With respect to on-line depreciation and cost of capital on roadway property, the Committee has acknowledged that the interim determination of the Agency revised the submission of the applicant but also pointed out that the basis for such revision was not made known to the Committee. Subsequently, the Committee submitted what it thought the amounts should be in its submission of November 22, 1990.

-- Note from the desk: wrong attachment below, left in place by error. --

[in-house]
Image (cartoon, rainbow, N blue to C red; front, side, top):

The Agency does not accept these amounts. As was the case with the claimed actual losses submitted by the applicant, the submission of the Committee underestimates the expected asset life of certain assets in the branch line. Of the four major cost components in this roadway property determination, (rail, ties, grading, and other track material), the Committee has estimated that the annual depreciation rates for these items should be 1.61%, 3.59%, 1.57%, and 1.61% respectively, which to the Agency implies estimated asset life of approximately 62 years, 28 years, 64 years, and 62 years. The Agency depreciated these assets over a longer period in the case at bar for regulatory costing purposes. Therefore the amount of accumulated depreciation is somewhat less than the amounts claimed by the Committee, and consequently, the determination of the Agency for depreciation and cost of capital on roadway property is higher.